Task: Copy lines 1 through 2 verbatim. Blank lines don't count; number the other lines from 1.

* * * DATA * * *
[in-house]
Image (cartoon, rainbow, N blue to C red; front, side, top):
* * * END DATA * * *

[in-house]
Image (cartoon, rainbow, N blue to C red; front, side, top):